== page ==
In the first semester the module provides a chronology of modern history from c.1789-1945 which concentrates principally on key political developments in European and global history such as the French Revolution, the expansion of the European empires and the two World Wars. The second semester will look more broadly at economic, social and cultural issues, such as industrialisation, urbanisation, changing artistic forms and ideological transformations in order to consider the nature of modernity. You’ll spend two hours per week in lectures and seminars.

Students on the post-A level pathway also have the choice of optional modules in Russian and Slavonic studies, and may opt to learn a second Slavonic language (Serbian/Croatian or Slovene) from beginners' level in Year One. 


Typical year two modules


Russian 2 (Beginners)
You’ll consolidate and develop the knowledge of Russian you acquired in year one. This module focuses on practical application of your language skills, including reading, writing, comprehension and oral communication. You will also study some grammar topics in depth. You’ll spend around four hours per week in practical classes workshops and tutorials, being taught by experienced teachers, most of whom are native speakers. You will also benefit from our excellent language laboratory facilities.


Russian 2
This module will help you to develop your comprehension of Russian and your communicative skills, including reading, oral fluency in Russian, and translation from Russian into English. The module also includes some writing in Russian and study of more sophisticated grammar topics. You’ll spend three hours per week in practical classes.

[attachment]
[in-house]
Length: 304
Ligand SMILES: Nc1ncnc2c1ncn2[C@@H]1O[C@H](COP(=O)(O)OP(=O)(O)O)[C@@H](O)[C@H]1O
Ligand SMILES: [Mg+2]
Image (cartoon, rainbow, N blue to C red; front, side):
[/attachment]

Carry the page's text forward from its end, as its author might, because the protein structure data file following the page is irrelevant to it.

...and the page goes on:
The World of Orthodox Sainthood

You’ll gain an understanding of the growth and development of the cult of saints in the Eastern Christian world in the context of the history and culture of late antiquity and the middle ages. In particular, you’ll learn to interpret original written sources and icons and will master the basic tools for conducting research in the field, spending around three hours in lectures and seminars each week. 

Multimedia Russian
This is an optional language module that allows students to explore the Russian media from the Soviet era to the present day. Different types of media are investigated, via translation, transcription or précis. The module aims to improve linguistic skills and comprehension of a wide range of media sources and give an appreciation of the historical background of the media and insights into style, register and language use.